In a previous column titled Great Expectations, I urged business owners to have realistic expectations for their employees.
Now let's build on that message: Define your expectations.
In my role as a business coach, most of the issues I hear about are related to employees. And more often than not, a lack of clear expectations is at the root of the problem.
We usually let our people know how to do a job. "Open the software. Click the blue icon. Use the menu to find the customer ..."
But how often do we let them know what behavior we expect, or perhaps more importantly, why we expect it?
If the only clues to acceptable behavior are the inevitable corrections that come when straying off course, it may take a long time for your team to figure things out for themselves.
If you expect your team members to treat others with respect, just say so. Clearly. Directly. Early and often.
Some readers know that I own Arch Engraving in Kirkwood. We make and sell awards, signs, nametags and personalized gifts. In 2010, I bought out my two partners and became sole owner. After that, we were busy moving the facility and creating a spin-off business. The dust has settled so I finally found time to create a "culture document." It was rolled out in late 2012 and early 2013 for our 10 full-timers and various part-timers.
This document contains our Mission, Vision and 6 Guiding Principles. Under each Guiding Principle are 4 or 5 bullet points to explain the principle.
The contents were reviewed individually with each employee. The Guiding Principles and underlying bullet points were used as the performance review form. Since this is brand new for everyone, the review meetings were mostly about explaining our direction and our "why", with suggested (and in some cases, required) improvements noted as appropriate. I tried to use these primarily as educational meetings, and as my opportunity to get feedback on the document. After all, they were seeing these expectations in writing for the first time so there was no justification to get all worked up about non-compliance.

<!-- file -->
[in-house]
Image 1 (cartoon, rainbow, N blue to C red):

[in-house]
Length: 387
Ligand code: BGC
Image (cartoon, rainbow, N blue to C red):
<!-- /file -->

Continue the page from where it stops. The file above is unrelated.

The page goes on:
Going forward, though, this document will be our guide. Everyone now knows we will hire, fire, reward and promote based on it. They know to filter all decisions through it. Our Mission tells them what we're all about. Our Vision shows where we're going.
I'm not kidding myself - there will be set-backs. But staying the course and using the document in our daily work will make it real. It's not just a plaque on the wall.
Some experts advise to make this sort of work a team effort. In this case, I did it myself and tweaked it based on employee feedback. Right or wrong, I felt the business should reflect my own values and expectations.
There's no doubt in my mind that this is now the company's most important document and is critically important to workplace culture.
Do you have a culture document? I'll show you mine if you'll show me yours. I intend to write more on this topic and would love to find great examples to highlight. Send me an email.
Bill Collier is the St. Louis area coach for The Great Game of Business. He helps businesses improve their financial results. He is the author of “How to Succeed as a Small Business Owner … and Still Have a Life”. Bill can be reached at 314-221-8558, GreatGame.com/stl or firstname.lastname@example.org.